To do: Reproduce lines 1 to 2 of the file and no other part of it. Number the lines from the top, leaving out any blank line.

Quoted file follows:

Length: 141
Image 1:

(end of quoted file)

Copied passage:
Length: 141
Image 1: